Butler County Times Gazette
  • Through the Front Door: Show your Fourth of July colors

  • Getting ready for the Fourth of July can be as exciting as decorating for Christmas
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  • Red, White, and Blue, and Happy Fourth to you!
    Good morning, my dear readers!
    I hope you are enjoying the summer. We know we are truly in the midst of summer when we start seeing the impact of red, white and blue spring up in yards and businesses. Here we are again, about to celebrate the birth of our wonderful nation on the Fourth of July.  
    So, what does all that red, white and blue mean? According to legend, George Washington interpreted the elements of the flag this way: the stars were taken from the sky, the red from the British colors and the white stripes signified the secession from the home country. According to my research, however, the colors don’t symbolize anything. The red, white and blue had no meaning when selected in 1777! I found that so hard to believe! But the colors in the Great Seal did have meaning, according to Charles Thompson, Secretary of the Continental Congress:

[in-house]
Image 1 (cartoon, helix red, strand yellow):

“The colors of the pales (the vertical stripes) are those used in the flag of the United States of America; White signifies purity and innocence, Red, hardiness and valor, and Blue, the color of the Chief (the broad band above the stripes) signifies vigilance.”
    As I have touted on many occasions, color is a great way to make a statement and communicate. Our forefathers clearly understood this as well: Color has power. The colors they chose unite our country, show our loyalty and make us recognizable to the entire world.
    The Legend of the Flag
    You may have learned in grade school that Betsy Ross designed our red, white and blue flag. But believe it or not, that story didn’t come out until her grandson shared it in 1870—100 years after the accepted flag design. Ross’s grandson, William Canby, told the story in a speech to the Historical Society of Pennsylvania. While the facts of this story are unconfirmed, they are interesting so I will share what I learned.
    Betsy Ross was actually an upholsterer, but it was not unusual for someone with her profession to make flags. She disliked the crudely drawn sketch she received from “the flag committee” and identified various design flaws: The flag was square, the stars were scattered about without order, and the stars had six points instead of five. Betsy believed flags should be one-third longer than they were wide, and she thought the stars should have some order. According to the legend, Ross brought together the flag's 13 stripes and 13 stars to represent the original colonies. She positioned the stars into a circle on the field of blue. Today, of course, we maintain the original 13 stripes with a star for each of the 50 states. As with most flags from this period, the location of this flag is, sadly, unknown.